“‘Yes that’s all very well,’ said the chap from the BBC World Service, ‘but what about this man Vulfervitz who seems to run the whole show from behind the scenes?’ For the fifth time in as many days, and for the umpteenth time this year, I corrected a British interviewer’s pronunciation. You see the name in print, you hear it uttered quite a lot in American discussions, you then give a highly inflected rendition of your own. … What is this?”

To any normal person, it is nothing at all. A simple mis-pronunciation. A defective ear. Perhaps Hitchens, through the thick syrupy haze of alcohol and self-regard, could not hear what this anonymous “chap” was really saying. But, no:

“This is not quite like old-line reactionaries going out of their way to say ‘Franklin Delano Rosenfeld.’ Still, I don’t think I am quite wrong in suspecting that a sharpened innuendo is in play here. Why else, when the very name of Paul Wolfowitz is mentioned, do so many people bid adieu to the very notion of objectivity?”

It is Hitchens who has bid adieu to objectivity. He details all the various travails suffered by the hawkish Defense Department deputy secretary, but nowhere mentions the supposed ethno-religious factor until the very end of his rambling screed:

Coming back to where I began, though, I think that there’s genuine cause for alarm in the current vulgar conflation of ‘Kabbalah’ with ‘cabal,’ and with the practice of what, if anyone else were to be the target, the left would already be calling ‘demonization.'”

The problem with this argument is that Hitchens is the only one making such a far-fetched conflation, but boozy narcissism is what usually takes the place of logic in the alcoholic mind. Hitchens’ contribution to the neocon counteroffensive, then, is to add his own nominee to the growing list of forbidden words: Straussian, neocon, cabal…. Their campaign to constrict the parameters of political debate by eliminating words marches on.

Arnold Beichman was next up at bat, with his own nominee: in any discussion of the neocons and their influence, he wants any reference to Leon Trotsky or the influence of Trotskyism to be strictly verboten. Writing in National Review Online, Beichman is outraged at Jeet Heer’s National Post piece detailing the Trotskyist roots of leading neocons, whose cocktail party chatter evidently includes abstruse references to Max Shachtman and the factional history of the Fourth International. I wrote about the Heer piece the other day (scroll down to "Notes in the Margin"), but, alas, the saga continues. Beichman contemptuously dismisses the ex-Trotskyist Hitchens’ alleged influence at the White House. Apparently in response to ex-Trotskyist-turned-neocon Stephen Schwartz for affectionately referring to the killer of Kronstadt as “the old man” and “L.D.,” Beichman launches a magnificent attack on the crimes of Trotsky, unfairly ripping into Heer for giving Schwartz a platform and for bringing up the Trotsky connection at all:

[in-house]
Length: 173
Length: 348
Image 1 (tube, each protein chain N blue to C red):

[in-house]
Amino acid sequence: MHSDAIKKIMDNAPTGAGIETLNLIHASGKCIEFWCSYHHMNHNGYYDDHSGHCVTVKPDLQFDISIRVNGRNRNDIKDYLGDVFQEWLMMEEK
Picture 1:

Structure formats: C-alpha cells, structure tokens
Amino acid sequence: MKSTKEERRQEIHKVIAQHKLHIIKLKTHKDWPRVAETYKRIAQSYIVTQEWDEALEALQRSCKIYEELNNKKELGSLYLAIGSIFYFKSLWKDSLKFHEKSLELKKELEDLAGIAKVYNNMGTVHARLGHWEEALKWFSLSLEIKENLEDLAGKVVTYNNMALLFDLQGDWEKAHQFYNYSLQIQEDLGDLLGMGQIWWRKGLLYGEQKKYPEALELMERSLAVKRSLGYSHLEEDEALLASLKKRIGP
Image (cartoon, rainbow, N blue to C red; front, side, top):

“But there is something more sinister at work here: to rob the Coalition, which destroyed a terrorist haven and an inhuman dictatorship, of the moral victory it represents.”

Schwartz responded the next day in National Review with what I think is the last word on this subject: his article is the definitive text that proves how right we paleos have been all along about this troublesome sect known as the neocons. Schwartz denounces “a group of neofascists” who supposedly claim that “neoconservatives are all ex-Trotskyists,” but defends Heer’s piece as serving another aim, that of describing “the very real evolution of certain ex-Trotskyists toward an interventionist position on the Iraq war” – i.e., his own evolution and that of his friends and associates in the neocon movement. It is okay for certain people to talk about the Trotskyist influence on neoconservatism, just as long as they have the right ideology:

“The U.S. neofascists who have thrown this accusation around use the term ‘Trotskyist’ the same way they use the term ‘neoconservative:’ as a euphemism for ‘Jew.'”

But when he writes how “many of the original generation of neoconservatives had a background of association with Trotskyism in its Shachtmanite iteration” it’s somehow not a hate crime. Schwartz is even allowed to observe, as I did in my 1993 book Reclaiming the American Right in some detail, that “the Shachtmanites, in the 1960s, joined the AFL-CIO in its best Cold War period, and many became staunch Reaganites.” The point of Schwartz’s rebuttal, however, is that he is proud of his Trotksyist past. He even gathers his co-thinkers together in proclaiming, in true Trotskyist fashion, that they constitute a semi-official faction, which some editor at NRO deemed “Trotsky-cons”:

“The second issue at hand involves the actual ex-Trotskyists who engaged with the issue of the Iraqi war. I call this group, to which I belong, the ‘three-and-a-half international,’ which is an obscure reference I won’t explain fully. But I use it to indicate three main individuals: Christopher Hitchens, myself, and the Iraqi intellectual Kanan Makiya, who all did indeed march under the Red Flag at some point….”

Here is where Schwartz descends into sheer hilarity, given that the best humor is always unintentional. He not only defends dear old Trotsky against Beichman’s calumniations, but also red-baits Beichman, reminding him – and NRO‘s by this time utterly baffled readers – of Beichman’s Stalinist past. Beichman was a fellow traveler of the Communist Party in the 1930s, when he worked for the pro-war, pro-FDR left-wing newspaper PM. It’s all too funny, but one can only wonder what ordinary, garden-variety, un-prefixed conservatives think of all this sound and fury.